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Custom Lists in Ruby

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Custom Lists in Ruby

Lists are great. No one can disagree with that. But what happens when you need to squeeze a bit more functionality out of your lists when using Ruby? Check it out!

· Web Dev Zone ·
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Lists are great. No one can disagree with that. But what happens when you need to squeeze a bit more functionality out of your lists when using Ruby? Check it out!

Consider a very simple model:

class Passenger
    attr_accessor :age
    attr_accessor :country_code 

    def initialize(age, country_code)
        @age = age
        @country_code = country_code

It's very common to work with list of items of a specific type like the one above, for example:

 list = [Passenger.new(21, 'PL'), Passenger.new(17, 'DE')] 

Usually, in the beginning, we have a full list, but later in order to decide whether specific action should be available/triggered we need to decide according to the state of items within this list. Let's say we need to show a notification if exists a passenger who comes from Poland and is under 18. It's pretty simple:

class Service
    def initialize(min_age = 18, country_codes_requiring_all_passengers_to_be_adult = ['PL'])
        @min_age = min_age
        @country_codes_requiring_all_passengers_to_be_adult = country_codes_requiring_all_passengers_to_be_adult

    def show_notification?(passengers)
        #I'm aware those conditions could be computed in a single step [one select]. This version is just a bit more readable, although the performance is degraded
        .select { |passenger| passenger.age < min_age }
        .select { |passenger| country_codes_requiring_all_passengers_to_be_adult.include?(passenger.country_code) }

The problem is, if we decide to test our service we'll have to check all possible combinations in order to guarantee it works as expected. Let's count those scenarios:

  • passenger over 18 from Poland
  • passenger over 18 not from Poland
  • passenger under 18 from Poland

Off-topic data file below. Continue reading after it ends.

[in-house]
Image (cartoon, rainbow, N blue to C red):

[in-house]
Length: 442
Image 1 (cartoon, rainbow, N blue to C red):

• passenger under 18 not from Poland

When new factor comes into play, we need revisit service specs and cover it with a new scenario. Eventually, we finish with complex code, full of different condition checks. Alternatively, we may try a different approach and instead of using Array as the structure, we may define custom PassengerList type.

class CustomList
    include Enumerable

    def initialize(items)
        @items = items

    def each(&block)
        @items.each { |item| block.call(item) }

    def select(&block)
    # ... rest of methods like reject, which should return new instance, instead of items subset

class PassengerList < CustomList
    def younger_than(age)
        select { |p| p.age < age } #will return new instance of PassengerList

    def from_any_of_countries(country_codes)
        select { |p| country_codes.include?(p.country_code) }

What is important here is the fact that we never return the Array but always an instance of PassengerList. What we get is the nice chainability:

def show_notification?(passengers)

Now we can test our service only by verifying whether chain of methods has been invoked on list without checking whether each one condition works as expected (those will be tested in isolation in specs of PassengerList). Code seems to be even more declarative than before.

It's very important to keep in mind that since we introduce custom lists, we should guarantee that this type is used across the whole application. Otherwise, we may end up in a situation when in some parts we depend on an array and in some we depend on PassengerList — what will be extremely confusing.

Obviously, the problem could be solved in multiple different ways.

ruby ,array

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